It would have been great if Nikon would have included RAW image processing. I would have much rather had that than the capability to make short videos. I also would have liked it if it were possible to thread filters on to the lens, which it is not.

The user's manual is really clear and understandable for someone used to working with DSLRs. I was able to load images on my computer using USB1 and Windows XP with no problem. I ignored the Nikon photoloading program and sent the images to Photoshop.

I would definitely suggest getting an additional memory card, since if you are shooting on the 'fine' setting it does not take long to fill up the camera's internal memory. For example if you shoot 10 images at the 'fine' setting the 50 MB internal memory will be full.

When this camera arrived at my home via shipping through Amazon the driver just left it on the doorstep. I would have rather a signature had been required than risk a $400 camera being swiped off my front porch.
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44 comments|54 people found this helpful. Was this review helpful to you?YesNoReport abuse
on September 7, 2008
My desire was to find a camera that was in between my pocket Canon SD1000 (a truly wonderful camera, but no optical zoom) and a more expensive and heavy SDLR. The Nikon P80 fits this "tweener" area nicely.

I have owned the camera for about 6 weeks and have taken over 1000 pictures with it. It's accompanied me to a pro football training camp, kayaking and canoes trips, parties and multiple family occasions. My original concern that this camera would be too big to tote around is simply not the case. It's become a wonderful companion.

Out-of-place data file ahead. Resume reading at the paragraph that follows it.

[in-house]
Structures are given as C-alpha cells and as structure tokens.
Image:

A bullet list of observations:
- The zoom is incredible. I shut off the digital zoom feature completely. Found that I didn't need it and figured it would maximize sharpness. I do less cropping of pictures now with this camera than before.

- The sport shooting mode is wonderful. I use it more than I thought I would.

- I shopped around extensively and the reasons I chose this camera over the comparable Sony and the Canon, Lumix models were: This camera had a better zoom, used SD cards, had a more solid feel and had simple controls but yet had equally extensive features. Above all the others it felt good in the hand.

- Although this camera can act as a "point and shoot", by no means is this "juniors first camera". I really think the best way to get better results is to take the time to learn about the camera controls/features (RTFM) and learn about how to take pictures. In addition to my purchase of this camera I also bought the book "Understanding Exposure" by Bryan Peterson which has increased what minimal knowledge I had about exposure.